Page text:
I have simply seen too many would-be lucid dreamers give up purely because they tried to do WILD first, be it correctly or not (hint: only try WILD after WBTB). Absolute beginners usually aren’t ready for the technique as a lucid dreamer (no concept of the experience to motivate past the challenges) or they try it incorrectly because people vary in their ability to learn independently. It’s also worthy to note that, in order to learn about WILD, you also have to start hearing about experiences like sleep paralysis and hypnagogic imagery and those are two topics which don’t usually sit well with people who aren’t informed on and experienced with them. What's more, they’re both absolutely unnecessary to even know about for lucid dreaming and likely clouds the conversation more than it helps.
DILDs simply seem to be a more straightforward path for the average person, but you might have had more experiences that indicate the opposite to you. We’re all in our little corner of the community, so if you have other thoughts, I’d love to hear your opinion in the comments below this article.
Dreaming Up a Better Best
The nature of WILD aside, I think the question the lucid dreaming community has been trying to answer with this debate is which technique is the most effective for the greatest amount of people.
This would be interesting information to know, but there are so many other answers we would need to have in order to get a clear enough picture to even attempt a guess. We would need to know the distribution; is the majority lead slight or dramatic? It would be important to know the skill and experience level of each dreamer to determine which techniques are used by which groups.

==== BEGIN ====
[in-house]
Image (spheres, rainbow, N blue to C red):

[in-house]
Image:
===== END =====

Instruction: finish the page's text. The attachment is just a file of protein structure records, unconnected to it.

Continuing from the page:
It could be that the majority have experience with one technique because the majority of lucid dreamers are beginners. We could therefore find something like the majority of long term lucid dreamers have the most success with WILD techniques, which should have some sway in the decision making process, if it were true. In order to find any of this out, we’re essentially talking about a study.
The problem is that there are so many relevant questions to ask and relationships to be made, that we are still in the dark about, that we can’t even make an educated guess. We should also be prepared to find results that we don’t like, in such a survey. What if WILD and MILD are so close that it’s basically irrelevant? What if it’s some dissatisfying split where we find that MILD is better for beginner success and there’s a certain point where the suggestibility wears off and WILD becomes more relevant.
We should also know that it’s still early into lucid dreaming research. There could be a really simple take on WILD that we haven’t yet discovered, which could make it incredibly effective for beginners and experienced alike; or vice-versa, we could discover a more potent method of suggestion which could be harnessed toward influencing us to become lucid with little effort. Simply put, we don’t know what the current facts are, we don’t know what the future will hold, and it’s still a major possibility that even all of the techniques we know today will be laughable in the next 50 years.
As lucid dreamers, we might want to take a moment to consider what our goal is with this debate. It’s becoming less common than it used to be, but I still see a little bit of elitism when the conversation takes place today, between fervent believers in a specific method. Personally, I say this debate is irrelevant at the current juncture. Like everyone, I have my opinion of where to start, but more broadly I think that people should experiment with both methods and see what works best for them, because in the end that’s 90% of matters. Yeah, well, that's just, like, your opinion, man.
The rest is down to preference. It’s actually a pretty fair point to make that we could be unconsciously biased toward a specific method based on factors other than efficacy. For instance, when I started to have success with WILD, I found that I actually had a lot of trouble getting used to entry. Sometimes, I would wake-induce into a falling dream.